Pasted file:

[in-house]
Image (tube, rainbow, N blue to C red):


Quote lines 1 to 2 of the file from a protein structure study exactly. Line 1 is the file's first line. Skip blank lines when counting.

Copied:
[in-house]
Image (tube, rainbow, N blue to C red):